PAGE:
Chapter: Data Networks
with contributions by René van der Vleuten
Controlling the Retransmission back-off
The aloha protocol can become unstable is packets collide and their retransmissions collide again and again.
|See the collision resolution animation and the exercise.|
An adhoc approach: How to select a good Pr?
In a network, the packet arrival probability P0
and the retransmission backoff probability Pr
determine the stability. The operator may not have a direct influence of the arrival process of new packets, but he may dicate a certain the retransmission
behavior for all terminals.
For mobile channels, the range of the parameters where bistability occurs is relatively small: the transition through this area from a single (low-backlog) equilibrium into saturation occurs for relatively small increments of the packet generation probability P0. In contrast to this, since the bifurcation curve of the mobile net is almost parallel to the Pr-axis, a change in the retransmission probability will have less effect on the stability of the net. For a packet generation probability up to P0 = 0.002, even a persistent retransmission schedule (Pr = 1) leads to a stable network, at least in theory. In practice, high retransmission probabilities may be used, but certainly not larger than say 0.8.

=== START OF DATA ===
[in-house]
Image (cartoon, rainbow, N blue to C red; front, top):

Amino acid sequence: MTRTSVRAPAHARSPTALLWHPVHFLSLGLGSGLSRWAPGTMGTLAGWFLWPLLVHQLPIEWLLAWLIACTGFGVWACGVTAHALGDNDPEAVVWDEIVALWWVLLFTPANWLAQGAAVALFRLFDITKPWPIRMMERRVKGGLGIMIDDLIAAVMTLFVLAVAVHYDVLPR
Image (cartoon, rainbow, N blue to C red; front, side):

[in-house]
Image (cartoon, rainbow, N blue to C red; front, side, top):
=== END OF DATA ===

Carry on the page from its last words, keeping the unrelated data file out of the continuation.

Simulations indicated that reducing the probability of retransmission Pr has a positive effect on the network performance in saturated networks (increasing throughput, decreasing backlog and delay), but a negative effect in stable, unsaturated networks (lower throughput, increasing backlog and delay). In bistable nets, appropriate reduction of Pr can remove bistability, but this measure may not sufficiently relieve the backlog and packet delay: The curve suggests that a relatively drastic reduction of Pr may be required. Reducing Pr in a bistable network can result in a stable network, but with relatively high backlog.
By reducing the probability of retransmission, the effective time each terminal spends in the origination mode also reduces, which indirectly resulted in a low input traffic load. This would suggest that mobile channels might as well be managed by directly controlling the input traffic, for instance by limiting the number of terminals N that are allowed to be signed on simultaneously.
There exists an optimal retransmission backoff control method for a controlled ALOHA system. It achieves maximal throughput, automatically adapts to changes in average traffic intensity or the number of active stations in the system, and applies to both pure and slotted ALOHA systems.